Opening Remarks by Angel Gurría, OECD Secretary-General, Paris, Tuesday 29 October 2013
Esteemed Chair, Ladies and Gentlemen,
It is a pleasure to welcome you to today’s meeting of the OECD Environment Policy Committee (EPOC). You have a very interesting agenda ahead of you, to which I would like to provide a backdrop of broader trends, goals and opportunities to promote green policies.
Current Economic Outlook
In spite of recent uncertainties generated by the US political deadlock, there may finally be grounds for cautious optimism on the economic front. However, we are not out of the woods yet! Several downside risks remain in Europe and the US that could still threaten global economic recovery. Many countries continue to struggle with slow growth, stretched public finances, and high levels of unemployment.
Climate Change / Green Growth
While the recovery process takes hold, we risk that short-term economic pressures shift policy-makers’ attention away from environmental concerns. But we need to continue pushing for green growth and cannot afford to delay our fight against climate change.
As I emphasized in my recent climate lecture on 9 October in London – at the invitation of Lord Stern and the London School of Economics – our understanding of the scale of the risks posed by environmental challenges and climate change is now much better developed than it used to be.
At this stage there should not be any more doubt about the need to change our behaviour and policies. Our planet’s ability to support life is decreasing fast, while our demands on the planet continue to increase.
In my lecture, I called for a move towards zero-net emissions by the second half of the century. I also highlighted the need for carbon pricing to be at the centre of countries’ policy mix for cutting greenhouse gas emissions.
We now need to identify the economic opportunities that this transition to a zero emission economy provides. This will be crucial in our quest for a new growth model that is more holistic and takes into account the interconnectedness of policy challenges.
OECD activities and tools to make the transition happen
This is something the EPOC’s CIRCLE project is working on which will provide us with insights on the economic growth implications of several environmental challenges and resource scarcity – both in terms of the “costs of inaction” and the “benefits of policy action”.
Preliminary results of the project will feed into the work of our New Approaches to Economic Challenges (NAEC) Initiative, which aims at strengthening our analytical frameworks to better address interconnected global trends and policy challenges. They will be included in the final NAEC Synthesis as well as the NAEC Report to be delivered to the MCM 2014.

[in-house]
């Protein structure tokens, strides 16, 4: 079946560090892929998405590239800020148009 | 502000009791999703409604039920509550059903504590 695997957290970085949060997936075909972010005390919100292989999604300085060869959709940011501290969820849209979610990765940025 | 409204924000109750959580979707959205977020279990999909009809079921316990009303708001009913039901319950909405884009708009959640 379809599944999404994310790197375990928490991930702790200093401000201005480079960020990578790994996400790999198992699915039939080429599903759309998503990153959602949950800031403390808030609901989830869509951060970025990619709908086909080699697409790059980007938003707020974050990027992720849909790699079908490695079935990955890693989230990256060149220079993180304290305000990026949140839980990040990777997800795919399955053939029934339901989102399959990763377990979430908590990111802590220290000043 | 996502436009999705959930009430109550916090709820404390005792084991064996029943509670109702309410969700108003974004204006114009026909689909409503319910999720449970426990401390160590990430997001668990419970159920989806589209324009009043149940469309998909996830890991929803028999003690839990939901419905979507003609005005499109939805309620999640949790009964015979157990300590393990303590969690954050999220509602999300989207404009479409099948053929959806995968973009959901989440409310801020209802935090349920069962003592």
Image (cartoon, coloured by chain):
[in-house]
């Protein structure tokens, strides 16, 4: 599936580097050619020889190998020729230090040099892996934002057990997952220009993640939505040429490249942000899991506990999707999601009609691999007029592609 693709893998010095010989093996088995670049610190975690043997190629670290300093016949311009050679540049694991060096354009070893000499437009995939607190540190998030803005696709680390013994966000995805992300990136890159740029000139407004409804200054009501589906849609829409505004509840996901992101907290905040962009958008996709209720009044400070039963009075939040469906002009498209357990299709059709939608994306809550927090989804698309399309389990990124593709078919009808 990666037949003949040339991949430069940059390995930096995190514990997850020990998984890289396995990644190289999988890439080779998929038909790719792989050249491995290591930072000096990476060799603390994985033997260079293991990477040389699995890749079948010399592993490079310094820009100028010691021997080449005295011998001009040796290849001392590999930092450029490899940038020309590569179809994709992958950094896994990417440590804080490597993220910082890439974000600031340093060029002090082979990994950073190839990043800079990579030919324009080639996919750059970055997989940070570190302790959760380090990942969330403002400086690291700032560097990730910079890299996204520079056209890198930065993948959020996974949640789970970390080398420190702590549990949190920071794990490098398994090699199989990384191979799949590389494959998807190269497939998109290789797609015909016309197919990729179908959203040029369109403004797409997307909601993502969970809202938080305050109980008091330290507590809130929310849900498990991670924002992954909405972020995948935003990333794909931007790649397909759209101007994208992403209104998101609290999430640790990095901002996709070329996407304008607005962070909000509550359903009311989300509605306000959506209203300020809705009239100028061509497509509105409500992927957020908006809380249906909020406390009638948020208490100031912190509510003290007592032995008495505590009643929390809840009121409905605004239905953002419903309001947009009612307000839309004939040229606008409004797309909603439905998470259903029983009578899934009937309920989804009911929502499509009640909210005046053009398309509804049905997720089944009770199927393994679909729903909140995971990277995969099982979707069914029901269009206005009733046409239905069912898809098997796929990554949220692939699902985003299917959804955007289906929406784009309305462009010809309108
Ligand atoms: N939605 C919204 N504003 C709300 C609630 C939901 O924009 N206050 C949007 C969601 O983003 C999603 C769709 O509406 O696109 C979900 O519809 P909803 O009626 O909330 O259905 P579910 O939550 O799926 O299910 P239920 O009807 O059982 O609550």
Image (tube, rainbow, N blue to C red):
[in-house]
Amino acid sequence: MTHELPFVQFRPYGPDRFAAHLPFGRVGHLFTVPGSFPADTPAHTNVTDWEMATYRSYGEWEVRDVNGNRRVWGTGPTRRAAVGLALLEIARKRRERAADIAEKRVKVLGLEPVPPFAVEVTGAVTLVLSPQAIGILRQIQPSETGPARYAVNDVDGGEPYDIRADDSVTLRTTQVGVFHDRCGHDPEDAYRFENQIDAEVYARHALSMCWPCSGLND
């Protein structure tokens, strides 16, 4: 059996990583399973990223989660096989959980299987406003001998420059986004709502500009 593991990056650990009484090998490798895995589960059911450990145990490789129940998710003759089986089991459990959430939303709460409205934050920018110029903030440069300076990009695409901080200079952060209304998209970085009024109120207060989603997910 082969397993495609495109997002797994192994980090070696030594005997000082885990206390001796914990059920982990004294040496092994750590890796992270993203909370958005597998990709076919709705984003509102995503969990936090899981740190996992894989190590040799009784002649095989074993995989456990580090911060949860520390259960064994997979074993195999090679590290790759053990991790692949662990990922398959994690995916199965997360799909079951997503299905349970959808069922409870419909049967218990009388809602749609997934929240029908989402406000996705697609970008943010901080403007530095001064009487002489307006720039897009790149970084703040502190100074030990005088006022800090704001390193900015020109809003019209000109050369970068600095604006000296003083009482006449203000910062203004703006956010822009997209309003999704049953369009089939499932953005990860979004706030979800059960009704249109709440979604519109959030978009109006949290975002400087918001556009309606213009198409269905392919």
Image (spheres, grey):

An important part of the transition is also to shift infrastructure investment towards green infrastructure, for example in housing and transportation. The transport sector is today the second-largest source of greenhouse gas emissions globally, and a major source of local air pollution affecting human health.
In May, I was in Leipzig at the International Transport Forum Annual Summit to launch the report “Mobilising Private Investment in Sustainable Transport”. It is critical to move private investment towards building right, not just building more.
But environment is not only about energy and climate change. The OECD has been very active on other issues, such as water. On 2 September, at the World Water Week in Stockholm, I launched two of our flagship publications, TO BE DELETED CONTENT, and Water and Climate Change Adaptation: Policies to Navigate Uncharted Waters. These are major contributions to the wider international community, including for the post-2015 development agenda.
Next steps going forward
We have to continue with these efforts and there are a number of upcoming opportunities in the near future to push this agenda further.
At COP 19 in Warsaw next month, I will be hosting an OECD side-event on policies for achieving climate targets cost-effectively and mobilising private finance. I will also be opening an OECD high-level breakfast on long-term investors and green infrastructure.
The MCM theme of 2013 was “It’s all about people: Jobs, Equality and Trust”. Preparations for MCM 2014 are now underway and we are already exploring possible themes with Japan, the MCM Chair this year.
One possible cross-cutting theme will be the notion of “Resilience”, and the need for a new growth model that promotes more Balanced, Inclusive and Greener Growth (BIG). EPOC work will be central to these efforts.
The OECD also continues to adapt to the evolving global environment and increasingly engages with non-OECD countries in a more structured way (Accession, regional and country programmes, contributions to the G8 and G20 processes etc.)
Yesterday’s review of Colombia’s Environmental Performance Review (Monday 28 Oct) by the Working Party on Environmental Performance (+ EPOC delegates) shows that you are also engaged in that process.
I will now hand the floor over to Mr. Simon Upton, who will go in detail over your agenda for the next two days. You have a very interesting programme of work ahead of you and I wish you a very productive meeting.